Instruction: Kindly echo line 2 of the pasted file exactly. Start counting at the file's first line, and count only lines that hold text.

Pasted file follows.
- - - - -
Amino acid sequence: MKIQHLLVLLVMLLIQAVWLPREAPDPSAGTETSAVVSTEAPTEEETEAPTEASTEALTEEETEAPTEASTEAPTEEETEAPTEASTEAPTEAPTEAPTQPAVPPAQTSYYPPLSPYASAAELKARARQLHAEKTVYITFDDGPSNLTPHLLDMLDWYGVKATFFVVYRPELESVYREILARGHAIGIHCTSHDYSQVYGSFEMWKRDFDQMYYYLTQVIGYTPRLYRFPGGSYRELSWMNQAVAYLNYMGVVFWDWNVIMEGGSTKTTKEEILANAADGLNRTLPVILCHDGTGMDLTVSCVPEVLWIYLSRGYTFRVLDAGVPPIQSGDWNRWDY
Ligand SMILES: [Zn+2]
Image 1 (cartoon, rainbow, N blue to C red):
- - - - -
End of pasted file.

Ligand SMILES: [Zn+2]